>The New Yorker: "Luda and Milena" by Lara Vapnyar

>Luda and Milena (both diminutives for Ludmila) are Russian immigrants in an ESL class in New York. They are different, but the same, and both are vying for the attention of Aron, another student in the class. The teacher introduces the idea of an International Feast each Friday to give the class something to discuss, and it becomes a competition between Luda and Milena, each with their supporters, but with Aron as the prize. Except that he’s probably no prize.

“No matter who won, come Monday all of Friday’s intimacy was gone. On Mondays, Aron never gave any sign that he had formed a connection with either of them, never spoke to them before or after class, hardly even looked at them. There was no indication hat he wanted either of them, or that he ever would.”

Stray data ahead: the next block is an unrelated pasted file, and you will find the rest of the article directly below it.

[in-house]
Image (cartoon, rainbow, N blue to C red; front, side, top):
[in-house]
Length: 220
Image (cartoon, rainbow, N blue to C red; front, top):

Perfect. But that doesn’t stop them. This story is a good example of introducing tension simply by creating a triangle, but the cooking competition between the two women makes it even better. The author has rendered these women well, with wonderful details. I confess that I had a little trouble keeping straight in my mind which was which – which had had the career and the family, which the lover – but it doesn’t matter much in the end because they aren’t that much different. This is a good one. (Oh, and since the issue it’s in is the “Food Issue,” it’s particularly appropriate.)

September 3 & 10, 2007: “Luda and Milena” by Lara Vapnyar

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